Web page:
07/30/2019 | News release | Archived content
NVIDIA's viral real-time AI art application, GauGAN, Tuesday won two major SIGGRAPH awards.
From amateur doodlers to leading digital artists, creators are coming out in droves to produce masterpieces with GauGAN.
And the demo has been a smash hit at the SIGGRAPH professional graphics conference as well, winning both the 'Best of Show' and 'Audience Choice' awards at the conference's Real Time Live competition after NVIDIA's Ming-Yu Liu, Chris Hebert, Gavriil Klimov and UC Berkeley researcher Taesung Park presented the application to enthusiastic applause.
More than 500,000 images have been created with GauGAN since the beta version was made publicly available just over a month ago on the NVIDIA AI Playground.
Art directors and concept artists from top film studios and video game companies are among the creative professionals already harnessing GauGAN as a tool to prototype ideas and make rapid changes to synthetic scenes.
'GauGAN popped on the scene and interrupted my notion of what I might be able to use to inspire me,' said Colie Wertz, a concept artist and modeler whose credits include Star Wars, Transformers and Avengers movies. 'It's not something I ever imagined having at my disposal.'
Wertz, using a GauGAN landscape as a foundation, recently created an otherworldly ship design shared on social media.AI Work of Art: Senior concept artist Colie Wertz created this ship design with a GauGAN landscape as a foundation.
'Real-time updates to my environments with a few brush strokes is mind-bending. It's like instant mood,' said Wertz, who uses NVIDIA RTX GPUs for his creative work. 'This is forcing me to reinvestigate how I approach a concept design.'
Attendees of this week's SIGGRAPH conference can experience GauGAN for themselves in the NVIDIA booth, where it's running on an HP RTX workstation powered by NVIDIA Quadro RTX GPUs that feature Tensor Cores.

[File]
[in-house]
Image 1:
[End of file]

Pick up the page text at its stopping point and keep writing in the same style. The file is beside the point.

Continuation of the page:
GauGAN, named for post-Impressionist painter Paul Gauguin, creates photorealistic images from segmentation maps, which are labeled sketches that depict the layout of a scene.
People can use paintbrush and paint bucket tools to design their own landscapes with labels including river, grass, rock and cloud. A style transfer algorithm allows creators to apply filters, modifying the color composition of a generated image, or turning it from a photorealistic scene to a painting.
'As researchers working on image synthesis, we're always pursuing new techniques to create images with higher fidelity and higher resolution,' said NVIDIA researcher Ming-Yu Liu. 'That was our original goal for the project.'
But when the demo was introduced at our GPU Technology Conference in Silicon Valley, it took on a life of its own. Attendees flocked to a tablet on the show floor where they could try it out for themselves, creating stunning scenes of everything from sun-drenched ocean landscapes to idyllic mountain ranges shrouded by clouds.
The latest iteration of the app, on display at SIGGRAPH, lets users upload their own filters to layer onto their masterpieces - adopting the lighting of a perfect sunset photo or emulating the style of a favorite painter.
They can even upload their own landscape images. The AI will convert source images into a segmentation map, which can then be used as a foundation for the user's artwork.
'We want to make an impact with our research,' Liu said. 'This work creates a channel for people to express their creativity and create works of art they wouldn't be able to do without AI. It's enabling them to make their imagination come true.'
While the researchers anticipated game developers, landscape designers and urban planners to benefit from this technology, interest in GauGAN has been far more widespread - including from a healthcare organization exploring its use as a therapeutic, stress-mitigating tool for patients.
Developed using the PyTorch deep learning framework, the neural network behind GauGAN was trained on a million images using the NVIDIA DGX-1 deep learning system. The demo shown at GTC ran on an NVIDIA TITAN RTX GPU, while the web app is hosted on NVIDIA GPUs through Amazon Web Services.
Liu developed the deep neural network and accompanying app along with researchers Taesung Park, Ting-Chun Wang and Jun-Yan Zhu.
The team has publicly released source code for the neural network behind GauGAN, making it available for non-commercial use by other developers to experiment with and build their own applications.
GauGAN is available on the NVIDIA AI Playground for visitors to experience the demo firsthand.
Note: This post has been updated from the original to reflect the results of Tuesday's Real Time Live competition at SIGGRAPH.